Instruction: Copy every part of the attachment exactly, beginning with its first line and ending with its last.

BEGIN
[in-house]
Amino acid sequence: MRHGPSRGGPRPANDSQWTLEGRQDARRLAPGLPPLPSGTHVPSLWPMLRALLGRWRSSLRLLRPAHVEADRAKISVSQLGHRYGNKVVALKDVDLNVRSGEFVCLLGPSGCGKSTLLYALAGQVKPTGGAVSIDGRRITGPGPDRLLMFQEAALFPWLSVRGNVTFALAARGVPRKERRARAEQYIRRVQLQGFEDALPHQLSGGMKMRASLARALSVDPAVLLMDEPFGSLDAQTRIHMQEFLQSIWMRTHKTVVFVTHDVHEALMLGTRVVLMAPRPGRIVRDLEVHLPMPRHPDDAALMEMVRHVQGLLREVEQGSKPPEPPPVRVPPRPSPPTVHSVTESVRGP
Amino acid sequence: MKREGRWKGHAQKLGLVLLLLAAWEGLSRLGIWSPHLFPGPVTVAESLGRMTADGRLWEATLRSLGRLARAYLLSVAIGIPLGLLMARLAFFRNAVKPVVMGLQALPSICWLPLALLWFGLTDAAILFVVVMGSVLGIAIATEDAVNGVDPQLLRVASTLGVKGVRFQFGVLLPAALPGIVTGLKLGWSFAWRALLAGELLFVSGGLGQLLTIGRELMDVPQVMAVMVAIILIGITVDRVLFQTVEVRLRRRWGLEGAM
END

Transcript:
[in-house]
Amino acid sequence: MRHGPSRGGPRPANDSQWTLEGRQDARRLAPGLPPLPSGTHVPSLWPMLRALLGRWRSSLRLLRPAHVEADRAKISVSQLGHRYGNKVVALKDVDLNVRSGEFVCLLGPSGCGKSTLLYALAGQVKPTGGAVSIDGRRITGPGPDRLLMFQEAALFPWLSVRGNVTFALAARGVPRKERRARAEQYIRRVQLQGFEDALPHQLSGGMKMRASLARALSVDPAVLLMDEPFGSLDAQTRIHMQEFLQSIWMRTHKTVVFVTHDVHEALMLGTRVVLMAPRPGRIVRDLEVHLPMPRHPDDAALMEMVRHVQGLLREVEQGSKPPEPPPVRVPPRPSPPTVHSVTESVRGP
Amino acid sequence: MKREGRWKGHAQKLGLVLLLLAAWEGLSRLGIWSPHLFPGPVTVAESLGRMTADGRLWEATLRSLGRLARAYLLSVAIGIPLGLLMARLAFFRNAVKPVVMGLQALPSICWLPLALLWFGLTDAAILFVVVMGSVLGIAIATEDAVNGVDPQLLRVASTLGVKGVRFQFGVLLPAALPGIVTGLKLGWSFAWRALLAGELLFVSGGLGQLLTIGRELMDVPQVMAVMVAIILIGITVDRVLFQTVEVRLRRRWGLEGAM